Expression and characterization of recombinant bovine C3d fusion proteins

Firth, Matthew A.
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University of Guelph

The gene fragment encoding bovine complement component C3d (boC3d) was isolated, cloned, sequenced and expressed in preparation for investigation of its potential as an adjuvant in cattle. Studies in mice attribute the adjuvant activity of C3d to a lowered B-cell activation threshold, resulting from the cross-linking of membrane-Ig and the B-cell co-receptor complex CD21(CR2)/CD19/CD81. To evaluate binding of recombinant boC3d to native bovine CD21, a recombinant boC3d protein was generated that included a biotinylation signal sequence at the N-terminal end of the boC3d sequence, for endogenous biotinylation by 'E. coli' via the BirA holoenzyme synthetase. Three additional constructs containing a portion of the gene encoding the leukotoxin produced by 'Mannheimia haemolytica' A1 linked to one, two or three boC3d units were created for expression in 'E. coli' as recombinant fusion proteins, as potential vaccines. All recombinant proteins incorporated polyhistidine tags and were purified by Ni-NTA agarose chromatography, then identified by SDS-PAGE and western blot. These proteins will provide the basis for future studies of receptor binding and cell-activation, and for immunization trials in cattle.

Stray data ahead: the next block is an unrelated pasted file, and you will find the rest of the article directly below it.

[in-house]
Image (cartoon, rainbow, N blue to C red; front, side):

recombinant boC3d, bovine CD21, boC3d protein, biotinylation signal sequence, recombinant fusion proteins, receptor binding, cell-activation